INDIANAPOLIS—The hope is that in this, the city of the team that has set the standard the Jaguars continue to pursue, the one or two players the Jaguars need to re-energize that pursuit will be on display this weekend.
A collection of 328 draft prospects have submitted themselves to examination this week, and a 40-man Jaguars contingent is in Indianapolis to record the information. It's a group headed by coach Jack Del Rio and General Manager Gene Smith, a dye-in-the-wool draft man who is committed to repairing the Jaguars roster via the NFL draft.
"Good drafting should be defined by how it translates to the field and relates to winning," Smith told jaguars.com as he headed to Indy.
Coming off a 5-11 season, the Jaguars are facing two challenges: 1.) Their roster needs an injection of young talent. 2.) The Jags only have six draft picks to find that needed talent.
Smith, who was given full command of personnel when owner Wayne Weaver promoted him to General Manager last month, would like to trade down and acquire more draft picks, but not at the cost of trading out of the first round. This is thought to be a draft that is strong at the top and the Jaguars have a desperate need at a minimum of one premium position, left tackle.
It is possibly the most over-drafted position in the game. An offensive tackle has been drafted in the top four picks in four of the last five drafts, and tackle Jake Long was the first pick of last year's draft. This year, four tackles –Michael Oher of Ole Miss, Jason Smith (pictured) of Baylor, Eugene Monroe of Virginia and Andre Smith of Alabama – are poised to be high picks. As soon as the first of the four is selected, the run on tackles is likely to begin, and the Jaguars are expected to be part of that run.
Tackles are never sexy picks. They don't excite fans as wide receivers, running backs and quarterbacks do, but the Jaguars' first-ever draft choice was a tackle, Tony Boselli, and he's also the first and only player to be inducted into the team's 'Pride of the Jaguars.' Yeah, they may not be fun picks, but try having any fun without one.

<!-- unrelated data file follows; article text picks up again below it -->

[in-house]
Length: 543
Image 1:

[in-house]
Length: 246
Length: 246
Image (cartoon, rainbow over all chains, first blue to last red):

"It's an over-drafted position because it's a premium position. I think we have the potential to draft for need and value," Smith said.
Was he giving us a hint? If he was, it's a hint we shouldn't need. Smith believes in drafting the best available player and four tackles are crowding the top of his board. The odds are a tackle will sit at the top of the Jaguars' board when they go on the clock, provided they don't trade down.
All of this makes Saturday an eventful day for the Jaguars. The offensive linemen workout at Lucas Oil Stadium on Saturday, and the eyes of the Jaguars' scouts and coaches will no doubt have an intense focus on the big guys. Which one of these prospects will lead the Jaguars into the team's most recent new era?
Monroe is ready to go. He's a sensational pass-blocker whose skills were good enough to keep Branden Albert at guard when the two were teammates at Virginia. Should Monroe be the Jaguars' guy, David Garrard's blindside will immediately become a safer place.
The negative on Monroe is that he's considered to be more of a finesse player than a physical run-blocker. His upside may not be as high as Andre Smith's, a savage run-blocker whose pass-blocking needs improvement. Smith is also a little shorter than ideal for a left tackle, but the Jaguars love the way he physically dominates opponents.
Gene Smith professes not to put too much stock in the combine workouts, electing to rest on a player's playing grade from last fall. He's looking for more subtle information on prospects while at the combine.
"I want to see if they show up on time, how they compete and how they comprehend," Smith said.
Eight of the top 26 picks in last year's draft were tackles. One of those tackles, Jeff Otah, was a guy the Jaguars loved and had high among their list of potential picks. Had the Jaguars selected Otah last year, they wouldn't be desperate at left tackle this year. All they did was delay the need and it's not likely they'll delay it another season.
Yeah, value and need are likely to collide, and it would have to be a very rewarding trade for this team to turn its back, again, on the left tackle it has to have.